When union officials told John Kabler that he had to join their organization and pay dues if he wanted to keep his job, he reluctantly complied. When he later discovered he legally did not have to join, he tried to resign but ran into stiff resistance from the United Food and Commercial Workers, Local 1776.
After Kabler was hired as a state liquor store clerk in April 2017, he attended what court documents describe as a “mandatory, employer-sanctioned orientation session for new hires” that set in motion a legal battle over free speech rights–end ended in Kabler’s favor this past April.
During the orientation session, officials with Local 1776 told Kabler that he had to join the union as a condition of his employment and pay union dues, according to his legal complaint filed with the Middle District of Pennsylvania.
“At no time did Mr. Kabler want to subsidize Local 1776, which he was and is opposed [to doing] ,” the complaint says.
In July 2018, Kabler sent a resignation letter to Local 1776. But just a few days later, the liquor store clerk received an email from his employer, informing him that a provision of a collective bargaining agreement enabled the UFCW to reject efforts by union members to resign unless they did so within a 15-day window that occurred every three years. This window period is made possible through a provision of Pennsylvania’s labor law known as maintenance of membership.
The Fairness Center, a nonprofit law firm based in Harrisburg that represented Kabler, has made the argument that Pennsylvania labor law is out of step with the First Amendment rights of public employees like Kabler and with the 2018 U.S. Supreme Court ruling know as Janus v. AFSCME, which struck down mandatory union fees in the public sector as unconstitutional. The UFCW was always on shaky ground in the Kabler case since there was no requirement for him to join the union despite what Local 1776 officials told him. This was true even before the Janus ruling.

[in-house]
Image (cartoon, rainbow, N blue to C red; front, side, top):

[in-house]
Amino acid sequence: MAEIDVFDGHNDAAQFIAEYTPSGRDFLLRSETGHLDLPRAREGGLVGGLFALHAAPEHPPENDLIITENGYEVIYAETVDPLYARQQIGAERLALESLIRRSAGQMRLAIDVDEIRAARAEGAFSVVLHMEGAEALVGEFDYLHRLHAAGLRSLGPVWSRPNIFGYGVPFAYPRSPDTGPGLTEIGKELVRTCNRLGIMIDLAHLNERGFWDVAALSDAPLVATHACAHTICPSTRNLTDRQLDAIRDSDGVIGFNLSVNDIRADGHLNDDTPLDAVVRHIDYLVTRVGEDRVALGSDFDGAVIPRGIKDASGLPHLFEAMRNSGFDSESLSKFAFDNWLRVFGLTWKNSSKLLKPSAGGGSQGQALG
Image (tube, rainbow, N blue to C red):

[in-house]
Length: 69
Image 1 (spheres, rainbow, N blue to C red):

Kabler’s suit challenged the constitutionality of maintenance of membership, and also asked for a refund of the dues collected from his paycheck. He ended his lawsuit after the union “capitulated to his demands,” a press release from the Fairness Center says.
This is a victory for me…After union officials misled me into joining the union, they also denied my resignation, forcing me to pay years of union dues against my will. Because of this lawsuit, I’m out of the union, the union has returned more than $1,700 in dues and interest, and the union abandoned the contract provision that trapped me and my fellow liquor store employees in membership.
The motion of dismissal in Kabler’s favor is available here.
As a result of the suit, the UFCW contract with the commonwealth no longer restricts the roughly 3,000 employees of the Pennsylvania Liquor Control Board from resigning union membership.
Legislation in the general assembly would end “maintenance of membership” and require government agencies to inform workers of their free speech rights. But thanks to legal pressure from Kabler, and other public employees, there are palpable signs unions are already beginning to relent on their mandates.
“John took a courageous stand against a powerful union that was determined to force him to pay union dues against his will,” says Nathan McGrath, the Fairness Center’s vice president and director of litigation. “John’s case is particularly important for spreading the message to public-sector employees that, despite what they may be told by union officials, they do not have to be a union member as a condition of employment.”